6.1 Lifestyle interventions

6.1.3 Supporting behavioural changes

Most health professionals report that they have not received adequate training in the use of behaviour change strategies therefore delivery in primary care is likely to be impaired.

Notes that more intensive psychological intervention may be required in those with mental health issues. However, more intensive behavioural weight loss interventions are likely to be helpful in anyone having difficulty achieving behaviour change (not just those with a mental illness).

6.1 Lifestyle interventions

Table 6.10 Summary of weight management interventions

Table does not mention psychological interventions? The Cochrane systematic review of psychological interventions demonstrates the benefits of psychological interventions however this is not listed in the table.

 

6.3 Developing an appropriate weight loss program

6.3.1 Therapeutic engagement

Note role of motivational interviewing and associated strategies effective in improving engagement (compared to standard care).

7 Arrange

Table 7.1 Knowing when to refer

“When specific health indicators demonstrate increased health risks (e.g., increased blood pressure, lipid profiles and blood glucose) and the individual would benefit from interventions related to weight loss.” – mental health issues not included

7.2 Long-term weight management

7.2 Long term weight management

Should be more specific about the type of group programs that are helpful e.g., behavioural weight loss interventions, self-management interventions

9.2 Other factors in assessment

9.2 Other factors in assessment

Family functioning, capacity to make changes to the family environment required to support behavioural change and additional support needs should be included assessment.

 

10.1 Explaining the benefits of weight management

Social impacts (e.g., discrimination, teasing, exclusion) are not mentioned in the review of the adverse consequences of overweight and obesity in children & explaining the benefits of weight management yet these social factors are most immediate, what parents are most concerned about and the most common triggers for treatment.

11.3 Weight management interventions

11.3.1 Lifestyle interventions

Behavioural family interventions/parenting interventions need to be explicitly mentioned in the table – this is not the same as behaviour modification

11.3 Weight management interventions

Table 11.4 Practical information....

Target whole of family change – do not single out overweight/obese children.

Focus on the health benefits rather than weight benefits of health behaviour changes

 

Table 11.6 Effect of measure to augment lifestyle intervention

Behavioural family interventions/parenting interventions need to be explicitly mentioned in the table – this is not the same as patient education

12.1 Monitoring and review

12.1.3 Assessing child and family eating, activity and weight control

Parental/family modelling/message regarding body image (not just child body image) need to be included.

Non-hungry eating is different from disordered eating (e.g., binge eating).

13.1 Assessment

Case study 11

Eating behaviours could be due to disordered eating (e.g., binge eating disorder, night eating syndrome)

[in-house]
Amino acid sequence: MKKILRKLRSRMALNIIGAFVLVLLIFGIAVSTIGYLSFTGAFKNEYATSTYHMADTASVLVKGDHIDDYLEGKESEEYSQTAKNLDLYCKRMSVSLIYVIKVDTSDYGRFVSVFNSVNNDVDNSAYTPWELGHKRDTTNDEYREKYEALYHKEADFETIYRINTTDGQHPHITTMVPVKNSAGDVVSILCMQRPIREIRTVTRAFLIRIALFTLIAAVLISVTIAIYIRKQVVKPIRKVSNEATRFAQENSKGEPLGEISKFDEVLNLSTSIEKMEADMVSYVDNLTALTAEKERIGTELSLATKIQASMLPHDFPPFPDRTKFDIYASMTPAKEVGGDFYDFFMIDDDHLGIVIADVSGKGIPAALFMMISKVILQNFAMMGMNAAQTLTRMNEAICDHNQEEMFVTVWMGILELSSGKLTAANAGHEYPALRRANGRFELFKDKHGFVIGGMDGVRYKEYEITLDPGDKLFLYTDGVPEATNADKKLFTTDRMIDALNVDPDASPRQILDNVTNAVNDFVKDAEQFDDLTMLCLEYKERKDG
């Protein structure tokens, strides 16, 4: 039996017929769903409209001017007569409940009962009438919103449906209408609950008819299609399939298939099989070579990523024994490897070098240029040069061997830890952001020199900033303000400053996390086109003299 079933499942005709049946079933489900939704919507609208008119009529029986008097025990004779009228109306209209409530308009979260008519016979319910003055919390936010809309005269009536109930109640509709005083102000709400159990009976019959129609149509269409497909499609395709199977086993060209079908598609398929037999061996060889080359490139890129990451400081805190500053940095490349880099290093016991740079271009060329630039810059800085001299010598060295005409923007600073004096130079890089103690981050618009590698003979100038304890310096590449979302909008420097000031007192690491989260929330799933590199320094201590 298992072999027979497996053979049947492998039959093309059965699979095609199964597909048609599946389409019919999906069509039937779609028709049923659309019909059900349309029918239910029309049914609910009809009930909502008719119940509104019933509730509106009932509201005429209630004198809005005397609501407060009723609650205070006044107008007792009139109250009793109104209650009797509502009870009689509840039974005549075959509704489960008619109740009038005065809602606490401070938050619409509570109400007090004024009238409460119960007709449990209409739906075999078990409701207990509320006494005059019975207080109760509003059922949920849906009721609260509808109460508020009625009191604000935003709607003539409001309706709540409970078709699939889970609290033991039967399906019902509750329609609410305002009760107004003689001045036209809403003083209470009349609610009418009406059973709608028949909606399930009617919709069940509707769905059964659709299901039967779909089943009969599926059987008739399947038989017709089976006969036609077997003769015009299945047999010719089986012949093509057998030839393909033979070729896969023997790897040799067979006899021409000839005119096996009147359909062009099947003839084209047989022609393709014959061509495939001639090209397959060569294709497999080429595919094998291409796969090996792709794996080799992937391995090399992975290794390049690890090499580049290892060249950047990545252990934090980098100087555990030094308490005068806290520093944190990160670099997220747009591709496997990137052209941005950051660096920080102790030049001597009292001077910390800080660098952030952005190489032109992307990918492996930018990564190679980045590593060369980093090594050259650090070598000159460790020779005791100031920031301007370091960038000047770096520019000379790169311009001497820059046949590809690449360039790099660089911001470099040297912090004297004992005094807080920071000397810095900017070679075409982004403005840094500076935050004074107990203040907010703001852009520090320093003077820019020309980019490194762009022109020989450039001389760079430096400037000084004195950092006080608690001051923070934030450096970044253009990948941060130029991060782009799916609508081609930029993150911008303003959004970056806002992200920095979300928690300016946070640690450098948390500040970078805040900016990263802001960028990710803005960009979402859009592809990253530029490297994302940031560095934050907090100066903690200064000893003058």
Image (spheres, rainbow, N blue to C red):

Case study 14

Assessment and treatment of disordered eating (i.e., binge eating) is not addressed.

General comments
Comments: 

The Australian and New Zealand Obesity Society (ANZOS) is a professional society that represents  a wide range of researchers, clinical practitioners  (physicians, GPs nurses, dietitians, psychologists etc.), public health practitioners and educators workingto improve the understanding, management or prevention of obesity.   The broad membership of ANZOS means that there may be significant variations in opinion on some issues around the management of obesity in adults and children and thus this response to the NHMRC guidelines is focussed more on the broader themes and principles but also addresses issues within specific recommendations as raised by our individual members.

 

ANZOS is very supportive of the need for, and value of clinical guidelines on the management of Overweight and Obesity in Adults, Adolescents and Children.   We broadly support the structure, content and tone of the guidelines and complement the committee and consultants on the current draft.  In particular ANZOS would like to support the revised guidelines approach to some key issues:

 

  • The comprehensive and logical review of the evidence that was driven by specific questions of practice.
  • The translation of the evidence into a clear and graded set of recommendations
  • The willingness to build upon existing, international obesity guidelines and integrate with other Australian clinical guidelines
  • The production of one unified set of guidelines which address adults, adolescents and children
  • Ensuring the relevance of recommendations to a wide range of health professionals with the potential to lead or partner weight management programs.
  • The recognition of the broad environmental and physiological factors that influence an individual’s ability to control their own weight or make changes to reduce weight.
  • The statement that care to an individual should be delivered in a non-judgemental or directive way and should allow the individual to participate in their own care.  
  • The use of an accepted clinical decision-making process – 5As
  • The inclusion of broader principles of behaviour change(including readiness to change)
  • The reference to cost and resource implications of specific recommendations

  

General issues which ANZOS feels  are  missing from or not so well addressed within the draft guidelines include:

 

  • There remain some uncertainties around the use and application of the “NHMRC levels of Evidence and Grades for Recommendations”.  It is not clear from the guideline reviews how the grades were generated and the relative influence of the amount of evidence, the quality of the evidence and the size of the observed effect
  • Although it is recommended that weight history be recorded for both adults and children,  the identification of high risk individuals is based solely on current BMI and/or waist circumference measurements. Weight change is an independent health risk factor and a high and increasing weight or an acceptable and increasing weight may pose more risk than a high but stable weight status.  This is particularly so in children where a single BMI measurement has greater potential to misrepresent the true weight status of a child.
  • More attention should be paid to behaviour chnage approaches and the role of psychologists in facilitating such interventions

 

Page reviewed: 6 September, 2012